Interview with Karen Sutherland
We chat with, Karen Sutherland, about how she was destined to be a horticulturist, what she loves most about the industry and her favourite plant.
What drew you to horticulture originally?
It was pre-destined – horticulture is in my genes – my mother dug the garden over, the day I was born, and I come from a family of farmers and gardeners, at least on my mother’s side. My grandfather was a vegetable farmer and orchardist and a keen home gardener as well.
What pathway did you take to get there?
My path to study and work in horticulture was accidental. I dropped out of an Engineering degree as I realised it wasn’t right for me and went along with my boyfriend to a pre-apprenticeship gardening course at a barely-opened CERES Community Environment Park in Lee Street, Brunswick. On the second day, I had an epiphany that this was what I was meant to do with my life. It was quite profound. This led me to seek out a gardening apprenticeship, which I managed to get at Royal Melbourne Zoological Gardens. From there I went to Burnley Horticultural College (now Melbourne Uni), began working for myself, and have continued to do so to this day.
What obstacles did you encounter along the way?
Ha! At my first couple of interviews for gardening positions I was turned down when I got there as I was a woman! This was before affirmative action was a thing. Luckily for me, this came into legislation at that time, and my apprenticeship at the Zoo was funded through an affirmative action program. Over the years I had many clients ask to speak to my husband when they called to arrange a quote. I used to love telling them that he could sell them some carpets but not help with their garden! They were very confused…After a good 15-20 years of this, things changed and I rarely if ever have a sexist reaction from people now.
Who were your mentors?
My teachers at CERES were wonderful, teaching us permaculture principles and sustainable gardening practices at a time when these were not well known. Many of the gardeners at the Zoo like John Arnott (now manages Cranbourne) were wonderfully supportive of me and taught me things I still remember and teach others, such as always using tools on both sides of your body to stay balanced. Other mentors have been my neighbours and community gardeners over the years in the northern suburbs of Melbourne, who have taught me so much about how to grow and use a range of herbs, vegetables and fruits. I also count all the authors I have read over the years. In recent years, Penny Woodward has been my writing mentor, without whom I never would have co-written ‘Tomato – Know, Sow, Grow, Feast’ and she still helps me in my writing for Organic Gardener magazine.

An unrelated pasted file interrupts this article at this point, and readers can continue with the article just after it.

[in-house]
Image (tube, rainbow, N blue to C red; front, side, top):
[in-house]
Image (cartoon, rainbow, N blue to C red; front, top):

What is your favourite plant?
So hard! Lemon myrtle, Backhousia citriodora, about 20 other plants are close second, including native Australian food plants and some rare ones from Crete.
What is your favourite material to work with?
My favourite material to work with is plants – I’m a plants woman at heart.
What are you working on at the moment?
As usual some interesting consulting projects, but I’m excited to be developing my range of ID signs for bushfood plants. It’s something I’ve been wanting in my projects for years, so it’s gratifying to have them for sale on my web shop and have more available. I’m hoping to have non-native plant signs available this year too. I’m also developing an eBook on native food plants, to help people grow and use these plants confidently, particularly in urban situations. It’s going to be available soon, as a plant-by-plant download, and over the next year, will hopefully be available as a complete eBook and perhaps printed format.
What are 3 of your most worthwhile tips?
Top tips? 1. Be prepared to do the hard yards. For instance, maintenance gardening is not seen as sexy, but in the 20 or so years I did that I learnt so much about plants, through lived experience rather than through a book. 2. Get a good bookkeeper and accountant, as they will do a better job than you and it frees you up to do other things. 3. Be aware and realistic about the fact that horticulture is not well paid!
What do you most love about the industry you work in?
The amazing thing about horticulture is the variety of employment it offers – in my career I’ve worked in maintenance gardening, landscaping, design & consulting, edible plant installations for festivals, hosting open gardens, doing some radio and TV, teaching, writing and now online sales! Importantly, I have loved helping people to connect with nature, and in the last dozen years, to learn how to nurture themselves through growing their own food.